In total we travelled about 600 kilometres on snow machines with our qamutiks both to and from camp and in search of bears and new terrain. We also hiked around a fair bit in our bulky parkas carting our gear along with us in search of great landscape images and on the occasional 'sneak' on a polar bear in an attempt to get closer to it.
The trip was a raging success in two of three categories: landscape photography and a plain ol' adventure. It doesn't get much better than photographing icebergs with mountains behind them at midnight in the sunshine on the arctic ice. It was truly a spectacle that will stay with me the rest of my life.
Similarly, as far as adventure goes, other than climbing Everest or doing a solo backpack for a month, this rated right up there with anything I had ever done (neither of which includes Everest OR backpacking for a month!). Bombing out onto the arctic ice with an Inuit guide and then stalking polar bears on foot is again, about as good as it gets in my book.
Where the trip did let me down, though, was in the wildlife photography. You could literally see the potential there, for there were indeed lots of polar bears (see below and in the Canadian Arctic Photo Gallery I put together) and lots of narwhals and there certainly must have once been lots of arctic fox and so on at one time.
But the Inuit culture is vastly different from our own, and they tend to shoot everything in sight, edible or not. So there are vast stretches of the arctic, particularly surrounding towns, almost completely devoid of wildlife, as they've shot it all.
This makes wildlife photography in these areas particularly difficult. It's extremely hard to sneak up on a polar bear that gets hunted ruthlessly from October to May by snow machines and high-powered long-range rifles. So for most of our bear photography, we were too far away to get useable shots.
And it's almost impossible to photograph narwhals when each time they come up to breath they are shot at, whether or not it's a good opportunity for a kill. In total, we witnessed at least 9 narwhals get shot, yet just 2 were recovered. The other 7 were injured or killed, never to be recovered (National Geographic photographer and writer Paul Nicklen, a friend of mine, covered this story in depth in the August 2007 issue of National Geographic).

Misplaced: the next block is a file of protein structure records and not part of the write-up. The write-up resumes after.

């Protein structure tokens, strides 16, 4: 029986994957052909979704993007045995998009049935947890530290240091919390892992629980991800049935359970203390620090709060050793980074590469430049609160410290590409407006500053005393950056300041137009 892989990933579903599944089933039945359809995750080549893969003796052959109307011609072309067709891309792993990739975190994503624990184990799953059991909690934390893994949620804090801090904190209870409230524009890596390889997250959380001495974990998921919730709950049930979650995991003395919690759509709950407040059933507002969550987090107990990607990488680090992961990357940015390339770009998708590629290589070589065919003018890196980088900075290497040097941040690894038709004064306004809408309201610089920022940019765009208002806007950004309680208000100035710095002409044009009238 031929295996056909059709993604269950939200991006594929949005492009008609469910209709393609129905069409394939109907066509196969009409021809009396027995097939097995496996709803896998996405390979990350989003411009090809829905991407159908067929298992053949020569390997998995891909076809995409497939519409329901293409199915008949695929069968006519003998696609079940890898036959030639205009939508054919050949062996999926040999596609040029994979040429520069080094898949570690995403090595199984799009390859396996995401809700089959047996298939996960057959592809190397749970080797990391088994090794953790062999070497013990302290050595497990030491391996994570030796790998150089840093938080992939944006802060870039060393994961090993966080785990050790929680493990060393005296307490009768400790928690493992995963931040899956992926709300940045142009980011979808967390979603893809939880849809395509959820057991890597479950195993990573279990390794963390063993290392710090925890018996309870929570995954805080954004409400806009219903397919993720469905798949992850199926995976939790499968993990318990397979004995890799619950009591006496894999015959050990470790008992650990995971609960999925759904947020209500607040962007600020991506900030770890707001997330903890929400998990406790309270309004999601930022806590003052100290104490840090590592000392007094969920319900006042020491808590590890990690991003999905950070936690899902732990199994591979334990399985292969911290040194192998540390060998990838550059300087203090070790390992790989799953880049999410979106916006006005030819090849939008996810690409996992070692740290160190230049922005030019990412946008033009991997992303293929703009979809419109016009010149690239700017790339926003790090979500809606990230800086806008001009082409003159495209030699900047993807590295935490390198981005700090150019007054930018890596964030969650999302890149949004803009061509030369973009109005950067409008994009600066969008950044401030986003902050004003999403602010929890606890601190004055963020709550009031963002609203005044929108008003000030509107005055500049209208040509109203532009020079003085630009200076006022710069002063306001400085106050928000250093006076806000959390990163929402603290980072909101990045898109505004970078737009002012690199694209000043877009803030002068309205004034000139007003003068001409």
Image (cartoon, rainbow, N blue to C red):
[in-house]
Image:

It was a complete shock to see how this hunter-gatherer society had such a lack of respect for nature in general, at least from the viewpoint of someone like myself that values wildlife as more than just a food source. Every time we came to land, we constantly found carcasses of birds and foxes laying about -- uneaten and untouched -- obviously target practice for someone. And the Inuit towns are littered with garbage. It's everywhere you look, even though in Pond Inlet there is a garbage dump just three kilometres away. I think for myself, it deromanticized the notion that the Inuit had lived for thousands of years in harmony with nature. The harsh reality of it is that, just like us southerners, when given the opportunity, they rape and pillage the environment just as we do elsewhere in Canada, just in a different way.
I was also shocked how little respect was shown for visitors to the north. On one occasion, three hunters entered our camp and came up beside me and shot the whale we were trying to photograph. Needless to say, the intelligent whales were soon figuring out to stay away from our area of the ice edge and we went days without even seeing narwhals.
It was an eye-opening experience and immediately cast into doubt, in my mind, the Inuit's recent calls to government to expand the polar bear hunt in Baffin Bay due to their own personal accounts that there are more bears than ever.
So all in all, it was a grand adventure and a spectacular landscape photography trip, but a very tough and frustrating wildlife photography experience.
Would I go back? Yes and no. If I knew that things were going to be different and we were going to be afforded some room on the ice floe edge to do our photography and if I knew the guides were not going to be Inuit hunters, but rather actual guides skilled at finding and viewing wildlife, then yes, I would go back in a heartbeat. But otherwise, I can't say that I would.